Uma pausa no dia para alimentar a mente e o espírito - Compilação dos Melhores artigos encontrados na net
Barra de vídeo
quarta-feira, 21 de outubro de 2015
Back to the Future remake? Over my dead body, says Robert Zemeckis
Exclusive: the director of the original time-travelling trilogy won't allow the film to be rebooted in his lifetime
In news that will either come as a crushing disappointment or a soaring relief for fans of the classic 1985 blockbuster, Hollywood won’t be going back to Back to the Future…for the foreseeable future, at least.
Robert Zemeckis, who directed the film and its two sequels, has vowed that Back to the Future will never be remade in his lifetime – and hopes that his estate will figure out a way to continue blocking remakes after his death.
“Oh, God no,” the 63-year-old director told the Telegraph, when asked if – as one of the two rights holders to the original film, along with co-writer Bob Gale – he would ever consider signing off on a remake. “That can’t happen until both Bob and I are dead. And then I’m sure they’ll do it, unless there’s a way our estates can stop it.
“I mean, to me, that’s outrageous. Especially since it’s a good movie. It’s like saying ‘Let’s remake Citizen Kane. Who are we going to get to play Kane?’ What folly, what insanity is that? Why would anyone do that?”
The original contracts Zemeckis and Gale made with Universal and Amblin Entertainment in 1984 accord the two men final say on the production of any Back to the Future-related films for as long as they live.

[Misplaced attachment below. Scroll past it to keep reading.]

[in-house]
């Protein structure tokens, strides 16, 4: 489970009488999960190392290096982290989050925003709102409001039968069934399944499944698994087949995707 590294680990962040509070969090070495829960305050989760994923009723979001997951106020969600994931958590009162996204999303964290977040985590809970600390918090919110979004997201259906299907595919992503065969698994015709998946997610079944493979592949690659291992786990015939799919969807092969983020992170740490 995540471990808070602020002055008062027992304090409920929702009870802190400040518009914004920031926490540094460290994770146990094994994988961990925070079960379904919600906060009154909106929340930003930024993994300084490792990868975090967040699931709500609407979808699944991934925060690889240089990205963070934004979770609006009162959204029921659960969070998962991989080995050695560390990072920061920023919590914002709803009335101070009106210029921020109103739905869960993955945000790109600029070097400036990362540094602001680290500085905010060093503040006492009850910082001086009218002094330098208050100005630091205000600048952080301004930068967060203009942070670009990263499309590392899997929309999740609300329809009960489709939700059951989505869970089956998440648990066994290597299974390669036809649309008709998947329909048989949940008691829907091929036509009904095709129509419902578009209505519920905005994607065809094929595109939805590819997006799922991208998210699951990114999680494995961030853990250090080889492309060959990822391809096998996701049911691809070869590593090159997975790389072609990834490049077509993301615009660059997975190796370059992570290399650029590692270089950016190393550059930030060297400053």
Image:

Zemeckis admitted a remake would almost certainly be a financial success because of the original trilogy’s established fan base. In Hollywood jargon, it’s what’s called a "pre-sold title" – much like this summer’s Jurassic World, a sequel to 1993’s Jurassic Park, which became the eighth highest-grossing film of all time earlier this week.
“Pre-sold title, that’s the reason,” he shrugged, before adding with a smile: “But can you imagine them getting skewered?”
Zemeckis also lamented the fact that Romancing the Stone, his 1984 romantic adventure comedy with Michael Douglas and Kathleen Turner, was being remade – although as a director for hire (he was cherry-picked for the project by Douglas, who had enjoyed his early films), he conceded he had “no power over that”.
Gale has previously ruled out the possibility of writing a Back to the Future Part IV that would pick up the story some point after – or, given the nature of the franchise, possibly before – the end of Part III.
Gale suggested that the story would never truly be Back to the Future if Marty McFly wasn’t played by Michael J Fox, whose Parkinson’s disease has forced him to cut back on acting work since the early 2000s.
“The idea of making another Back to the Future movie without Michael J Fox – you know, that’s like saying, ‘I’m going to cook you a steak dinner and I’m going to hold the beef,’” was how he memorably put it at a 2008 fan convention in Florida.
Zemeckis and Gale’s original Back to the Future screenplay won them a shared Academy Award nomination for writing in 1986. Nine years later, Zemeckis would win a Best Director Oscar for Forrest Gump.
After a decade working in performance capture, he returned to live-action filmmaking with the disaster drama Flight, starring Denzel Washington, in 2012
His latest film, The Walk – about Philippe Petit, the French tightrope artist who walked between the World Trade Center towers in 1974 – will be released later this year.